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EU, US commends Libya vote

The United States and EU praise the electoral process in Libya and say the country will march towards democracy in the post-Gaddafi era

Thursday 19 Jul 2012
Libyan NTC Chairman Abdel Jalil and Libya's PM El-Keib attend a news conference by al-Alabbar, Chairman of the Electoral Commission National Congress, in Tripoli, July 17, 2012. (Photo: Reuters)

Libya has taken an "important step forward" with this month's election results and the vote process showed the Libyan people's "commitment to democracy," the White House said Wednesday.

White House spokesman Jay Carney offered Washington's congratulations to "all the parties and candidates who have won seats in the new General Congress" in the July 7 poll, the first since the ouster of strongman Muammar Gaddafi.

Meanwhile, European Union foreign policy chief Catherine Ashton on Thursday commended Libya's elections as a symbol of the country's "peaceful and dignified" march towards democracy.

The July 7 poll, the first since the ouster of Moamer Kadhafi, saw a liberal coalition beat Islamist parties, according to results unveiled by the country's electoral commission on Tuesday.

"I would like to reiterate my warm congratulations to the Libyan people for their determination to move forward on the road to democracy in a peaceful and dignified manner," Ashton said in a statement.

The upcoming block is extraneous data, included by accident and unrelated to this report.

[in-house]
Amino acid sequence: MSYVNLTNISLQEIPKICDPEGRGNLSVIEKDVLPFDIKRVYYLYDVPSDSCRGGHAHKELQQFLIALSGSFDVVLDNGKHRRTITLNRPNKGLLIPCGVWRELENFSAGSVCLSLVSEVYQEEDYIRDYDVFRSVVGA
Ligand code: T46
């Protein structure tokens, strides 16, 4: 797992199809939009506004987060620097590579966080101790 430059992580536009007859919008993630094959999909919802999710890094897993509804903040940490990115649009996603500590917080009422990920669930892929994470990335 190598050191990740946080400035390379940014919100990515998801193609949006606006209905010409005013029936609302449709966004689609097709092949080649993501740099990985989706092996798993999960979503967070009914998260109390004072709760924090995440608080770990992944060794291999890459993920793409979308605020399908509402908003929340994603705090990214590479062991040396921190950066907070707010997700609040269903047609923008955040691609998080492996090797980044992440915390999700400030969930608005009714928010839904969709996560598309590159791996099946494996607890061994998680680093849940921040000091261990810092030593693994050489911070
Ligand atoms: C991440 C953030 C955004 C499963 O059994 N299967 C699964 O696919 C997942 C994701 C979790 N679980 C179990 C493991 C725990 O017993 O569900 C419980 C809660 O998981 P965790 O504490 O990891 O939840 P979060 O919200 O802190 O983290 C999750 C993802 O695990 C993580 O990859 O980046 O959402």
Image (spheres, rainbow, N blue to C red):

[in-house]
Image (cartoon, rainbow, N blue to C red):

She welcomed the "professional" handling of the vote by the authorities and the national election commission, saying that EU monitors had deemed the vote count as "transparent and fully open to observation".

"The EU looks forward to working with the future Libyan government," she said, though it remains unclear who will dominate the country's next congress.

She added that the 27-nation bloc hoped "the appointment process will retain the momentum of transition and enable the consolidation of a stable and prosperous society based on respect for fundamental freedoms, human rights and the rule of law."

Libya's new congress will be tasked with appointing a new interim government and steering the country for a roughly one-year transition period, until fresh elections can be held on the basis of a new constitution.

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